US 5022051 A Abstract Means and structure for encoding binary data ensures that, on average, the encoded data provides a balanced data stream having an equal number of logical one and logical zero bits. An indicator bit of known value is appended to N data bits, forming a group of N+1 bits. The polarity of this group is determined, i.e. whether the group contains more ones than zeros. The cumulative polarity of all bits sent over the communication link is also maintained. When the polarity of the group is the same as the cumulative polarity, all bits in the group are inverted and the inverted group is transmitted. Otherwise the bits in the group are transmitted in their original form. To decode the transmitted bits, the bit stream is framed to separate each series of N+1 bits. The value of the indicator bit on the receiver side of the communication link indicates whether the group has been inverted. If the group has been inverted, it is reinverted on the receiver side of the link to provide the N data bits in their original form. Conversely, if the group has not been inverted, it is not reinverted on the receiver side of the link to provide the N data bits in their original form. In alternative embodiments, additional bits are appended to the N data bits and the indicator bit in order to allow transmission of additional information.
Claims(18) 1. A method of encoding data for transmission over a communications link comprising the steps of:
obtaining a plurality of N data bits, where N is a positive integer; forming a group of bits by including an indicator bit of known value to said N data bits in a predefined location within said group of bits; determining whether said group of bits has a positive polarity such that said group of bits contains more logical one bits than logical zero bits or whether said group of bits has a negative polarity such that said group of bits contains less logical one bits than logical zero bits; maintaining a cumulative polarity value of the bits previously transmitted over said communications link, said cumulative polarity value being positive when more logical one bits than logical zero bits have been transmitted and said cumulative polarity value being negative when less logical one bits than logical zero bits have been transmitted, said step of maintaining a cumulative polarity value comprising the steps of: receiving said group of bits consisting of said plurality of N data bits and said indicator bit; separating said group of bits into a plurality of subgroups of bits; and for each of said subgroups of bits, incrementing or decrementing said cumulative polarity value by an appropriate number utilizing memory means having address input leads connected to receive each of said subgroups of bits, in sequence, and a data output port for providing an output signal indicating whether said cumulative polarity value should be incremented or decremented, and said appropriate number; and forming a set of bits to be transmitted by inverting all bits within said group of bits when said group of bits has a polarity which is the same as said cumulative polarity, and not inverting the bits within said group of bits when said group of bits has a polarity which is the opposite of said cumulative polarity. 2. A method of encoding data for transmission over a communications link comprising the steps of:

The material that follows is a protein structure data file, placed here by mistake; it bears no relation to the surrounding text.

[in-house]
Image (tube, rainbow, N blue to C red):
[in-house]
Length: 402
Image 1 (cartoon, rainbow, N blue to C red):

obtaining a plurality of N data bits, where N is a positive integer; forming a group of bits by including an indicator bit of known value to said N data bits in a predefined location within said group of bits; determining whether said group of bits has a positive polarity such that said group of bits contains more logical one bits than logical zero bits or whether said group of bits has a negative polarity such that said group of bits contains less logical one bits than logical zero bits; maintaining a cumulative polarity value of at least said N data bits previously transmitted over said communications link, said cumulative polarity value being positive when more logical one bits than logical zero bits have been transmitted and said cumulative polarity value being negative when less logical one bits than logical zero bits have been transmitted; forming a set of bits to be transmitted by inverting all bits within said group of bits when said group of bits has a polarity which is the same as said cumulative polarity and not inverting the bits within said group of bits when said group of bits has a polarity which is the opposite of said cumulative polarity; and including an additional M bits, where M is a positive integer to said set of bits prior to transmission. 3. The method as in claim 2 wherein said M bits have a substantially equal number of logical zeros and logical ones.